Health

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Newborns Facing Withdrawal Symptoms On Rise In State

Oct 25, 2013

In 2009, 120 infants exhibited symptoms of Neonatal Abstinence Syndrome (NAS), more than double the number of cases from five years prior. NAS is caused by maternal opioid use, and can result in respiratory problems, feeding difficulty and seizures in newborns.

A new report from the N.H. Bureau of Drug and Alcohol Services and the N.H. Charitable Foundation says the average hospital stay for an NAS baby is 16 days, compared to three days for other births.

Federal Grant To Market Health Law Again Delayed

Oct 22, 2013

A flawed bid process is further delaying efforts to market the Affordable Care Act in New Hampshire, as the group in charge of awarding a $2 million contract has decided to reopen its application process.

The New Hampshire Health Plan committee voted 3-2 to award the contract to an unnamed vendor on October 9, but the group, for reasons left unstated in meeting minutes, then decided not to finalize that recommendation.

New Hampshire Health Plan Executive Director Michael Degnan wouldn’t go into detail, but says the committee was divided.

Todd Bookman / NHPR

When Michael Justice was laid off from a local college last year, he lost a job he liked, a paycheck he needed and an insurance plan he relied on.

At 63, he’s now buying a policy to cover him and his wife. The bill every month is $1,638.

“It’s more than we pay for mortgage, its more than we pay on property taxes, which in New Hampshire is saying a bit,” says Justice. “It’s more than we pay for heating oil, more than we pay for electricity, more than we pay for water.”

Todd Bookman / NHPR

Brushing up against its October 15th deadline, on Tuesday a special commission studying a possible expansion of Medicaid in New Hampshire finalized its recommendations.

This was the final meeting of a nine-member group that spent the summer debating if and how to expand Medicaid to more low income residents.

While the issue still proves divisive, the commission did find common ground accepting the contents of the final report, voting unanimously to send it to the Governor and legislative leaders.

We've heard a lot about the new health insurance exchanges (A.K.A. marketplaces) since they launched this month. What follows is a blog of my attempts to navigate New Hampshire's marketplace. So far, it's been an error-ridden process with recurring visits to a virtual waiting room.

Day 1: October 1st

11:15 a.m.

Creating an account. 

Using Google Chrome browser, I go to Healthcare.gov. I click log in at the top right corner of the first screen.

Medicaid Expansion Plan Approved By Commission

Oct 8, 2013

New Hampshire is one of just a handful of states that hasn’t yet answered the Medicaid expansion question. Remember, when the U.S. Supreme Court ruled on the federal health law last summer, it said Washington could not force states to expand their  Medicaid programs that provides health care to the poor. States, instead, must be given a choice.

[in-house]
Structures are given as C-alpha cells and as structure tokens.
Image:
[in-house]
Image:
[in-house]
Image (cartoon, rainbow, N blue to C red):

And so, for the better part of three months now, a special commission has been studying whether to add 50,000 more low income individuals to the program.

Members of the special commission studying whether to expand Medicaid in New Hampshire continue to hash out their differences in the face of a looming deadline.

NHPR / Michael Brindley

Open enrollment began today for the New Hampshire health insurance marketplace.

State health officials say 11,000 people have signed up for Medicaid managed care since the open enrollment period launched a little more than two weeks ago.

The Department of Health and Human Services has scheduled a series of forums to help others sign up.

Medicaid recipients were given until late November to select from one of three out-of-state companies to manage their health care plans starting in December.

Liz Faiella

Researchers at the Dartmouth Institute for Health Policy and Clinical Practice have been at the forefront of research on unnecessary diagnosis and treatment.

The problem is big, and solving it may require a major change in the way the whole health system treats illness.

Earlier this month, Dartmouth hosted the first ever international conference on preventing overdiagnosis.

Speaking to a crowd of doctors at the Preventing Overdiagnosis conference, Dr. Steven Woloshin began by diagnosing his audience.

Lowering Insurance Costs Like 'Turning A Battleship'

Sep 26, 2013
Todd Bookman / NHPR

 Insurance company executives told regulators on Thursday there’s no quick fix for the rising cost of health care in the state.

A new report from the U.S. Department of Health & Human Services provides a snapshot of premium prices for health plans sold in the new marketplaces. When they launch October 1, individuals will be able to comparison shop for plans in their state's marketplace and apply for subsidies meant to make insurance more affordable.

The Fuller Public Library in Hillsborough hosts book groups, a story hour for preschoolers, and the occasional knitting workshop.

Also on the calendar this month? An hour-long presentation on the Affordable Care Act.

“Tonight, this is probably going to feel like you are drinking from  a fire hose,” says Kelly Clark, State Director for AARP New Hampshire.

She runs through a slide show for a group of about two dozen residents. It touches on all the main points of the law: the exchanges, the mandates, subsidies, and Medicaid.

Todd Bookman / NHPR

  At an event organized by the New Hampshire Women’s Health Network and Planned Parenthood of Northern New England, Senator Shaheen praised the law as the single biggest advancement in women’s health in her lifetime.